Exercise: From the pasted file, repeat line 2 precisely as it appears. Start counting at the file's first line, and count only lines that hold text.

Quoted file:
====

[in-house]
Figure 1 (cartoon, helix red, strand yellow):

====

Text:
Figure 1 (cartoon, helix red, strand yellow):